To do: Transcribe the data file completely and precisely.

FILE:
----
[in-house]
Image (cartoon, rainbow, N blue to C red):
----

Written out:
[in-house]
Image (cartoon, rainbow, N blue to C red):